Some of the speakers here have said that CGH is well suited for hematological malignancies, but is not there yet in terms of testing solid tumors. What is your opinion?

I would say that microarray should be the first-tier test for solid tumors. The main reason is that with leukemia and lymphoma you can easily get chromosomes. If you obtain bone marrow and capture the cells it is much easier to get chromosomes to analyze compared to solid tumors. Number one, they may not grow. Number two, if you do get metaphases, they are so short and complicated that you might not be able to analyze them. But if you run microarray, it's clear. You know the copy number changes. The only thing that you are going to miss is those true balanced translocations. That's why we are working with different technologies. Maybe we will come up with a sequencing panel that will specifically target translocations.

How do you see those technologies being used now? It seems that people are using a mix of technologies to answer different questions.

I think mutations as well as copy number changes are very important in cancer, both germ-line mutation as well as somatic mutation. So right now, with current technology, array CGH and SNP arrays are the best for copy number. Next-generation sequencing is the best for mutations. But I think that chromosomal microarrays will eventually be replaced by next-generation sequencing. The copy number data is there within the next-generation sequencing data. But we haven't found a good way to extract the copy number data from the next-generation sequencing data yet. So, the main reason why next-generation sequencing is not being used for CNVs right now is the software issue. Certainly, we also need to adjust the chemistry to ensure our coverage is more even. Then the computation will be easier.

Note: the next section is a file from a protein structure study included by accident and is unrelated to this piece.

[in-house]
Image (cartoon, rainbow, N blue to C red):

When you talk about sequencing, are you talking about whole-genome, whole-exome…

Right now, I think that targeted sequencing is appropriate for cancer because you can't wait. Whole-genome or whole-exome sequencing takes four months. There is no cancer patient who can wait that long. Targeted sequencing takes a few days, and that makes it suitable for cancer care. It has been well received in academic cancer centers, like Baylor and Johns Hopkins. In the community cancer centers, it has not been adopted as widely. They are still ordering one gene-one mutation tests, because those are in the standard guidelines and they go by the guidelines. I think this is a matter of education, because if you order KRAS, BRAF, EGHR, that's going to be more expensive than running one panel. Insurance reimbursement is another issue. Insurance companies compare one test to one test. They don't compare the data you can get from one test to another test. I also think that the organizations that make the guidelines need to see more data come out before they can recommend a new test.

But even if you have that data, how will it help inform treatment?

Some information is available already. For example, based on microarray data, we can classify renal tumors. Of course, that is diagnostic significance, not treatment significance. For treatment significance, if you run an array and find a lung cancer or breast cancer patient with EGFR amplification, the patient may benefit from an anti-EGFR targeted treatment. I think some recurrent gene amplifications could be driver mutations that would be likely therapeutic targets.

Can you provide an update on the CCMC?

We will have a meeting this year on August 5 through 7. Registration is going very well. We might run out of room. The ACMG recently published guidelines for cancer microarray analysis. I think this year we will see more people adopt microarray technology in cancer diagnosis. We have received some excellent abstracts. And you also see this year abstracts about next-generation sequencing in cancer diagnosis. The CCMC will not be just for microarrays anymore.